toddster

The Zombie Fleet

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11019549_1009612169072294_32650281354021

I think that boat is in a state of suspended animation, more than it is undead. Great photo, and nicely done to wedge the keel into the rocks so cleverly.

The skipper must have thought of that right before or right after putting out all the fenders just in case a large dock drifted alongside, or in case someone wanted to raft alongside as the tide was going out.

I gather November Charlie can be substituted by skying a halyard and hanging an mob light below the transom

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11019549_1009612169072294_32650281354021

 

This is an advanced RIMAS maneuver.

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Rimas don't need no stinkin' rocks to prop his boat up - he can park it perfectly vertically on a smooth sand beach.

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Wow!

 

Moss and/or mushrooms on a wood boat spell the end.

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Getting it onto that trailer must have cost more than it's worth.

 

So someone wanted to throw it away really badly or someone is so badly afflicted with Polynavicular Morbus that he intends to restore it.

 

And you know it's a he. Very, very few women contract PN.

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MIST.JPG

 

It'll buff out.

 

Name is Mist. Picture is on the Harrison Butler Association website.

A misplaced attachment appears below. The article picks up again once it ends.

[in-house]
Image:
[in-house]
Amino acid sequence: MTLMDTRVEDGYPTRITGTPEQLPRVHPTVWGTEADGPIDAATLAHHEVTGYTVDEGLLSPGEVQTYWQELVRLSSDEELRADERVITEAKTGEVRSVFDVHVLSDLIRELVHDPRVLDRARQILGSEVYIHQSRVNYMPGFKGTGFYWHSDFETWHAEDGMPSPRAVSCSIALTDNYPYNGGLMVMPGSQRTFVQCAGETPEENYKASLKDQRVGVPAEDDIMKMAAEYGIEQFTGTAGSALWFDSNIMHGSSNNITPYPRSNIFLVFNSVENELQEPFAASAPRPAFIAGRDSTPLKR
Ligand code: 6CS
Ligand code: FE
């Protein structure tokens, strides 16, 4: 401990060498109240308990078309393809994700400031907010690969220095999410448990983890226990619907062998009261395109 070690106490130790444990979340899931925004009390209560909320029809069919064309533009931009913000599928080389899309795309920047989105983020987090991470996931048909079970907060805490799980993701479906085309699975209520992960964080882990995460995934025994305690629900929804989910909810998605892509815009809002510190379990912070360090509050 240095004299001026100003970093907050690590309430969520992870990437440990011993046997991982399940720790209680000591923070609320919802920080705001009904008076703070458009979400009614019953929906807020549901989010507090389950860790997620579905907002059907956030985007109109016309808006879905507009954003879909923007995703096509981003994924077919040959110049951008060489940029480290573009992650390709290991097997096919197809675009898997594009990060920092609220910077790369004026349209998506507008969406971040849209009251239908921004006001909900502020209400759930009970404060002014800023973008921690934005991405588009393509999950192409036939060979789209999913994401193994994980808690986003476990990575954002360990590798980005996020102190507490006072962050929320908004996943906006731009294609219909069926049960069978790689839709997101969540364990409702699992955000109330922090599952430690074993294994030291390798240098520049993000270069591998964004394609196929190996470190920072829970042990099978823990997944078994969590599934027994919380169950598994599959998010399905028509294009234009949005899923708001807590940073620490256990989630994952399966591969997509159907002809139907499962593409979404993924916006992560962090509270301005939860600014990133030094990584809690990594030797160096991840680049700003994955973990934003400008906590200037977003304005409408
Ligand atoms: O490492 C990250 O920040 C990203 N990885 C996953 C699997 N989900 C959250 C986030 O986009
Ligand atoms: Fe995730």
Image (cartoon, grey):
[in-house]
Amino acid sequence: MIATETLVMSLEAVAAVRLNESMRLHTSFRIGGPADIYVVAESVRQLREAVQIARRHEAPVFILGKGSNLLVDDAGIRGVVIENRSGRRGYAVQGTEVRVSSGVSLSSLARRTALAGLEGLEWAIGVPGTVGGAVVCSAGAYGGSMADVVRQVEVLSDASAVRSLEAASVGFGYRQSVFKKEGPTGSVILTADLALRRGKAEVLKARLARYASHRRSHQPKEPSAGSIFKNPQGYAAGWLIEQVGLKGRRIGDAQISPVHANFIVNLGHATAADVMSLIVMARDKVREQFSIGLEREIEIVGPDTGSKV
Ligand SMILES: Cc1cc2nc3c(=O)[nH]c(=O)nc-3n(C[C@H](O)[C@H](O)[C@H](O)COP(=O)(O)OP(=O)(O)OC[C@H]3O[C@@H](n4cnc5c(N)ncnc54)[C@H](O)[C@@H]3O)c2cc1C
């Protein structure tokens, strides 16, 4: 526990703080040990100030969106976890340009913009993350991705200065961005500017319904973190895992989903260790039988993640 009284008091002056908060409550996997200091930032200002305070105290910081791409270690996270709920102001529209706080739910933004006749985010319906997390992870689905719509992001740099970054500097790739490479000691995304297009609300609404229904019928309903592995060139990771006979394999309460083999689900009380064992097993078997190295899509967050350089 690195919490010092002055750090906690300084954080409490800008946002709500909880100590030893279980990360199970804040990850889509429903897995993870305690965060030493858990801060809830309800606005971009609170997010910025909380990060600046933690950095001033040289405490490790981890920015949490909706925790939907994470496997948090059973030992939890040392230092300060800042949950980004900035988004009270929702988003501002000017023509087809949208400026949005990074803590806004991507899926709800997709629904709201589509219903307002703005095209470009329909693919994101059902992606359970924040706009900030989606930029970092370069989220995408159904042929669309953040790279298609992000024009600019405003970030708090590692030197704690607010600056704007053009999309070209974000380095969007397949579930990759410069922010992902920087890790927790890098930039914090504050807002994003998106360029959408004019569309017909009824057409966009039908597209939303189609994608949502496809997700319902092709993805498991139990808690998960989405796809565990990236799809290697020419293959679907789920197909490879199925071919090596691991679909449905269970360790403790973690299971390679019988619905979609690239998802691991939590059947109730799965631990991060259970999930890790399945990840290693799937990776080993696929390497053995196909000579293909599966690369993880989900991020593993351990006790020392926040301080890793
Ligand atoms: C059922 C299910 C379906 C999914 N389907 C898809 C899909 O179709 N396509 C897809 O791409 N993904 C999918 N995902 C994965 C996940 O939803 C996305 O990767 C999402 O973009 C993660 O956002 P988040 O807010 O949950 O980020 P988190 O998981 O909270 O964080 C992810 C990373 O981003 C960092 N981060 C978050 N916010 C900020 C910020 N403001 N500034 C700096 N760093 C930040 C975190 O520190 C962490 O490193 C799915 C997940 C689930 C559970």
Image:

More resurrected Mist, than undead zombie. But, the moss gives her a walking dead look.

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That looks like a close sister ship of Lady Mary, a Harrison Butler something-tonner, who is on her mooring outside our window as I type. Owned by our very good friends Keith and Janet. Lady Mary spent something like fifteen years in their suburban garden as a zombie, with a painstaking restoration going on. The photo doesn't really do her justice - she's a very pretty boat indeed.

 

As you probably know Harrison Butler was a keen proponent of the Metacentric Shelf theory, which I think means getting a perfect helm balance at all angles of heel

 

TLMofW.png

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My last post, as it was pointed out, lacked some zombielike qualities so in an effort to redeem myself I present this beauty.

post-103517-0-48597300-1472407869_thumb.jpg

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My last post, as it was pointed out, lacked some zombielike qualities so in an effort to redeem myself I present this beauty.

 

I think you are in safe country this time.

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The Rainbow has obviously lost a lot of color. She's definitely a zombie.

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Rainbow refers to the mildew and mold multi hued collection in the vee berth. :o

various-colors-mold-15961910.jpg